I would say that the bigger challenge for us, or opportunity for us, next year is what I would really like to do is start to enhance the experience that our subscribers are having because they’re some of the most important customers.

                    So, how do we make sure that we’re continuously providing really amazing education when they’re unboxing it? And so, right now we’re redesigning the unboxing experience so that people can get even more excited about what’s coming.

                    I would love to provide easier and more flexible options to be able to change and update subscriptions. And one of the biggest challenges that we have from a retention perspective is that people often overestimate the amount of coffee that they’re drinking, and so they tend to … If we have drop off, it tends to exist at the third shipment that we send out, so being able to proactively mitigate that, and send an e-mail, or get a phone call out there that starts to say, “Hey. Do you have too much coffee? Do we want to adjust it for you just to make sure that your cupboard’s not full?” Those are the types of things that we’d like to implement over the next three to six months to be able to not only increase kind of the value of our subscription but increase the retention across the board.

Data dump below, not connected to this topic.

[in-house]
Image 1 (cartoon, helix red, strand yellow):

Felix: Got it.

                    Now, what about the promotion side. How do you promote a subscription service specifically differently than if you were selling just the products one by one?